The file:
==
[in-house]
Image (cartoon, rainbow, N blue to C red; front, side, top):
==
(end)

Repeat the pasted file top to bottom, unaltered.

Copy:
[in-house]
Image (cartoon, rainbow, N blue to C red; front, side, top):